There has been a considerable amount of discussion this week in the traditional and ‘new’ media about the delicate question of Restaurant Cancellations and how to manage them. One of the many examples that surfaced rather loudly was the recent case of a table of 6 unable honour a reservation at the highest placed restaurant in Melbourne.
The rule of booking at this restaurant is, that they have a clearly stipulated cancellation policy that meant in this case, if the table of six could not be filled after cancellation, there was a strict cancellation fee of $900.
I believe the person that booked could not come due to an illness that happened the day before the proposed visit. He cancelled the night before the arranged lunch booking.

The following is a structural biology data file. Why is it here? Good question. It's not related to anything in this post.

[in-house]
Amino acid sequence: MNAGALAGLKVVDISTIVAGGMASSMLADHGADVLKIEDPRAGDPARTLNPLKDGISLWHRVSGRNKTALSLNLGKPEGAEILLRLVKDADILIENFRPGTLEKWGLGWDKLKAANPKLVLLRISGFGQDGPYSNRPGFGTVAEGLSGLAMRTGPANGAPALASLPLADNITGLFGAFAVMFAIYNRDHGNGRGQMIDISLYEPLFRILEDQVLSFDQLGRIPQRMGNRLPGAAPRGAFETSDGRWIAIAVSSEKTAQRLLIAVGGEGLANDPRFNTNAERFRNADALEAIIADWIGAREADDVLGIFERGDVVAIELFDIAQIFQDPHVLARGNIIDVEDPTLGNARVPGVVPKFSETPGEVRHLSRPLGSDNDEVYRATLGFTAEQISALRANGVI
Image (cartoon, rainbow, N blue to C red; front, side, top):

He thought that he was entitled to some leniency due to the sudden nature of the illness. The owner stuck to his guns and explained that he had taken advice from the ACCC when forming the policy and that the cancellation policy was declared strictly kosher and always clearly explained to everybody that booked.
There was a cold impasse and I think both parties came out rather worse after the confrontation.
But both sides had to my eyes equally valid points of view.
The diner did not plan to be sick and the restaurateur had strict clearly stipulated rules of engagement.
No shows, last minute and unannounced table number changes, and of course dreaded cancellations have troubled diners and patrons for ever.
I am working on a very simple solution that preserves the goodwill of both the unfortunate canceller and also preserves the rights of the restaurateur in any reasonable situation.
Off to the Zetter
Graphic by Les Mason